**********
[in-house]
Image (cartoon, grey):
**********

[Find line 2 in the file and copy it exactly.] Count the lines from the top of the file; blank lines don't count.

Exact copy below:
Image (cartoon, grey):